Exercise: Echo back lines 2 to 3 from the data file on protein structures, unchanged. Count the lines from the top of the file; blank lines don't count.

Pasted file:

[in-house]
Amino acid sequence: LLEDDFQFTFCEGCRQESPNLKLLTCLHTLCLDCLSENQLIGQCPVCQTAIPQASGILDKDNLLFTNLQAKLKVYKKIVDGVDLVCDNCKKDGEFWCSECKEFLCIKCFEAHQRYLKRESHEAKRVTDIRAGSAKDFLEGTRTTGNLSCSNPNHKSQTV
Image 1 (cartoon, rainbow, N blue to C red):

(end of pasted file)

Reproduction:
Amino acid sequence: LLEDDFQFTFCEGCRQESPNLKLLTCLHTLCLDCLSENQLIGQCPVCQTAIPQASGILDKDNLLFTNLQAKLKVYKKIVDGVDLVCDNCKKDGEFWCSECKEFLCIKCFEAHQRYLKRESHEAKRVTDIRAGSAKDFLEGTRTTGNLSCSNPNHKSQTV
Image 1 (cartoon, rainbow, N blue to C red):